Directions: Head out the south side of the parking lot towards the river. There is a crosswalk you can use to get up to the levee. Turn left and head east away from the damn. Turn back when you get to the yellow gate (or when you start to get tired)

Parking: There is free public parking available at the corner of Locust and North 2nd street if you want to ride the whole route. Or you can park at the 8th and Oak boat ramp and ride from there if you want to shorten the total distance.

Amenities: There is a fix it stand at the corner of 2nd and Locust. A port-a-john is placed at the 8th and Oak parking lot year round.

Mileage: 9.5 Miles for the whole out and back.

Elevation: 20 Feet

Activity: Across Locust from the parking lot is the Historic Union Pacific Depot, which until recently served as the Lawrence Visitors Center. Explore the French themed garden and enjoy sculptures by Jim Brothers and Shellie Bender before or after your ride. Look for the High water markings on the Depot to see where there has been flooding in the past, and you might even get to see a train go by.

Week 4

Baker Wetlands

Description: Take your bubble on one of the newest sections of the Lawrence Loop! Running adjacent to the Baker Wetlands on the south side of Lawrence, this section of the Loop provides beautiful views of the wetlands. The few hills are steep but short. Keep an eye out for lilies blooming towards the east end and the many redwing blackbirds that call the wetlands home!

Directions: Follow the sidewalk east from the parking lot up to Michigan Street. At Michigan turn right staying on the sidewalk and turn right again jest before the overpass. Turn back when the wall ends for the mileage listed.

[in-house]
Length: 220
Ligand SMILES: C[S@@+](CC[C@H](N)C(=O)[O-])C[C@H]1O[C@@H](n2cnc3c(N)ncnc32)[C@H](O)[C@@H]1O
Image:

Parking: To ride the full distance listed you can park at the Baker Wetlands Interpretive Center off of Michigan Street. If you would like to ride a slightly shorter route you can park at Broken Arrow Park off of Louisiana Street and use the underpass to access the trail.

Amenities The Baker Wetlands Interpretive Center is currently closed due to COVID but will hopefully re-open in 2021. Broken Arrow Park has restrooms that operate from April 15th through October.  

Mileage: 3.5 Miles

Elevation: 85 feet

Prairie Park Trails

Description: Prairie Park Nature Center opened in 1999 and in addition to the building that houses various animals from around Kansas there is a trail and lake. This trail is shared with many walkers and joggers so it’s a good fit for young riders who aren’t going too fast. After going through the nature park you can ride past Prairie Park Elementary and through the neighborhood!

Directions: From the entrance to the trail turn right and follow the trail around the lake and up to the school. Ride to Kensington Road and take a left. Turn left again on 27th street, and once more on Harper (there are sidewalks the entire route).

Parking: The trailhead parking lot is at 28th and Harper. Or you can park at the Prairie Park Nature Center and ride south on Harper to get to the trail head. The distance of the loop remains the same.

Amenities: Prairie Park Nature Center is currently closed but there are activities for children outside of the center including a butterfly garden.

Mileage: 1.75 Miles

Elevation: 98 Feet

Thank you for checking out our 2020 Bike With Your Bubble Rides.

Please remember to stay distanced from other trail users and always bring a mask in case you need it.

We hope to see your smiling faces again in person in July of 2021.